Thursday, June 6, 2013

What Cruise Ship Passengers Should Know After An Accident

  Todays' news reported a tragic accident in Southeast Alaska.   National Geographic tour passengers from the cruise ship, Seabird, were on a Pacific Wings DeHavilland Beaver that crashed into a mountainside.  The causes of the crash remain unknown but one man, a respected engineer from Los Alamos died and other passengers were seriously injured.  Because of the steepness of the mountainside, basically a cliff, the survivors were evacuated by use of a helicopter winch.

  Cruise passengers who become accident victims while on an excursion need to pay special attention.  Their claims can be treated differently from the claims of other accident victims to the detriment of the Cruise Passenger Accident Victims.

  The most important document affecting Cruise Passenger Accident Victims rights is the Ticket Contract.  The "ticket"is more than a stub, more than a boarding pass, and is long enough that you know it has been written by the cruise's lawyers.  Hard copies of the Ticket Contract may be provided passengers but, increasingly, the Ticket Contract is only provided online or electronically.  In the end, the Ticket Contract is written by the Cruise Company for the protection of Cruise Company if the Cruise Passenger has a dispute.

   The Ticket Contract commonly attempts to change Cruise Passenger Accident Victim rights in 3 ways.  One way is a Contractual Statute of Limitation.  The language of the Ticket Contract will require the Cruise Passenger Accident Victim to present a claim in a period shorter than Alaska's 2 year statute of limitation and I have seen periods as short as 6 months when the Cruise Passenger Accident Victim is focused on medical treatment and controlling his losses and before he is able to focus on compensation for those losses.  Interestingly, on one occasion, the Alaska Supreme Court ruled that this type of conduct is unenforceable. But there is no downside to the Cruise Company raising the defense and zealous advocacy will trump more humanitarian principles.  Because its better to avoid this defense if possible, the recommendation  for Cruise Passenger Accident Victims is to locate the Ticket Contract and know their rights.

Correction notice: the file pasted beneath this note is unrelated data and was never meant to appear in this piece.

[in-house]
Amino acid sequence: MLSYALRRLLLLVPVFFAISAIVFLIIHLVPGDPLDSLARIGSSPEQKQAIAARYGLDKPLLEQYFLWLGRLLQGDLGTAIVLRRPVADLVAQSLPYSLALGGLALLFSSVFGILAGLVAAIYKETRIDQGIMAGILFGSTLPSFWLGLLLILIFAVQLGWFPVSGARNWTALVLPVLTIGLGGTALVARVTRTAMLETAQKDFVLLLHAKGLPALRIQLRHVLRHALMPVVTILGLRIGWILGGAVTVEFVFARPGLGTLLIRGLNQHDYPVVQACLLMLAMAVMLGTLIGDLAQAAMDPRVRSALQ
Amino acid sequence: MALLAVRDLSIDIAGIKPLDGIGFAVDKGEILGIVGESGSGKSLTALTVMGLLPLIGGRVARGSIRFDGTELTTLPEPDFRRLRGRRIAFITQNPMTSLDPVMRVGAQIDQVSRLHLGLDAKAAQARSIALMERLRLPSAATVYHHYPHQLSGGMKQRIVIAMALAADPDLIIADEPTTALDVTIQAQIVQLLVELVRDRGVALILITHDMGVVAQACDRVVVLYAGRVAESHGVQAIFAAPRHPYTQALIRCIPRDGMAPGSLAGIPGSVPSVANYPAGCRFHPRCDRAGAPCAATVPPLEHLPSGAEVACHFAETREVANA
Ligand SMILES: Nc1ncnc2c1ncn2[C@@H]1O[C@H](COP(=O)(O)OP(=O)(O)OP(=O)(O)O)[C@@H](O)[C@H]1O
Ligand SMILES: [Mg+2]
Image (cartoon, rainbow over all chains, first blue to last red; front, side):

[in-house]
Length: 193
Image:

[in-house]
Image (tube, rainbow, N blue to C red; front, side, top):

The second attempted change of the Ticket Contract is to require that any lawsuit be filed in a specific venue, forum, state or city.  For example Carribean cruise companies frequently require suit be filed in Miami and the passengers of the Italian cruise ship, Costa Concordia that ran aground with loss of life were required to file in a place in Italy.  Again, the recommendation for Cruise Passenger Accident Victims is to locate the Ticket Contract and know its requirements so that they can determine whether this provision is enforceable.

   The most disappointing provision in the Ticket Contract is often an attempt to deny legal responsibility for passenger excursions.  When one purchases a cruise, a passenger buys more than transportation on a boat.  The passenger buys the services of a professional organization to provide guidance as to appropriate and safe travel activities and to steer the traveller away from unsafe activities.  Excursions sold in conjunction with the cruise contain an implicit endorsement by the Cruise Company.   The Cruise Company's legal responsibility for the actions of its excursion partners will depend on the specific facts of the excursion, the written agreements with the excursion provider, and other facts.

    If you have the misfortune of being an accident victim, you have to play your hand smartly. See WWW.JUNELAWYER.COM.